The Wise Men

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My Grandpa Little was my hero, and yet as I think back on this, I realize that even when I held him in high esteem I somewhat underestimated what a great man he was. He was only minimally educated much as people of his era were. Nonetheless he was able to read and write. He devoured books, newspapers and magazines and then dotted his conversations with information that he had learned. He was a builder who was able to repair almost anything in a house. He had a folksy wisdom and more than anything he was a remarkable storyteller. In another time he might have been an historian or a journalist or even a writer of books. He was also a survivor who adapted to whatever challenges came his way. He always did so with grace. 

When my grandfather was about 90 years old he was still incredibly healthy and his mind was brilliant. He owned a car and drove himself around his neighborhood, but not much farther. On one occasion he was leaving a grocery store when he accidentally backed into a cart that someone had left in the middle of the parking lot. It bothered him so much that he had not noticed the cart that he decided that it was time to quit driving. He believed that his mistake meant that he no longer belonged behind the wheel of a car. 

Grandpa drove carefully home and called one of his granddaughters. He told her that he wanted to give her his car with the proviso that she would be willing to drive him around whenever he needed to run errands or go see his doctor. She was thrilled to accept the deal and he boasted that a “menace” had been taken off the road. 

I marveled that he understood the nature of his aging process and was more concerned about the safety of others than his own pride. With his own doing he also rented a room from a young widow whose only hope of keeping her home was to lease space to a roommate. He would stay with her for eighteen years and they would become like father and daughter to one another. Because he was incredibly healthy and very much in control of his mind until he turned one hundred eight, he helped her with repairs on her home and nursed her when she was sick. Eventually they pooled their resources to pay for food and utilities. It was a lovely arrangement that seemed to work well for both of them as well as a third person who eventually came to live in the house with them. It was like Golden Girls meets Three’s Company.

My son-in-law’s grandfather was very much like mine. He reached a point after the death of his wife when he decided without any prodding to surrender his car and sign up for a suite in an independent senior living home. For him it was a logical move that allowed him to continue to live a full life while also being part of a community that watched over him. His family not only visited often but they also picked him up for family parties and celebrations and sometimes just for watching ballgames together. He kept his sense of humor and enjoyed great times until he was one hundred years old. As his health grew a bit worse he shifted to assisted living without a complaint.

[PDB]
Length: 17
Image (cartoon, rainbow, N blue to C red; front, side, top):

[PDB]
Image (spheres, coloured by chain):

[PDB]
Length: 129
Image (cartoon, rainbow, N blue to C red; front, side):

We each enjoy our homes, our privacy and our independence, but as the years go by our physical and mental health often begins to decline. Unless we live in a family community much like the Amish do, we may reach a point of being unable to care for ourselves as well as we should. The greatest gift that we can give our children is the willingness to adjust to the aging process without battling to hold on to the way we have always done things. Readily accepting the realities of our situations lessens the anxieties that our offspring may have regarding our safety. How that happens may look different in each case, but when we begin to defer to the care of others we are demonstrating great wisdom, not weakness. To everything there really is a season.

I’m still quite healthy and capable, but at my age things can change in a heartbeat. I have already instructed my daughters not to listen to me if I become foolish or incapable of making good decisions. I love my home and my routines, but I don’t wish to become a burden on my daughters by fighting their attempts to keep me safe. I keep thinking that I want to create a kind of living will for them in which I state my intention to trust them with their decision in the future. I would like to do this while I still have total control over my mind. Perhaps if I put my thoughts in writing, my children will be able to show me those documents if I balk later. It will be like a kind of insurance policy for their well-being and mine. They won’t have to second guess their decisions because I will have made it clear that I trust them to know when I need to give up my car, my home and my independence. 

I hope that I will actually be much like my grandfather. My health is exceptional right now and I still write daily, read constantly and teach mathematics to a number of students. I don’t want to take my present status for granted because I have seen so many situations where everything changed rapidly. I want my daughters to be certain that in my right mind I realize that a time may come when they must take control of my future. It will lift the burden of uncertainty and even guilt that often comes with eldercare. I want to be like my Grandpa and my son-in-law’s granddaddy as well. They were incredibly wise men who gave their families the gift of peace of mind without any strings attached. I can’t think of anything better. 

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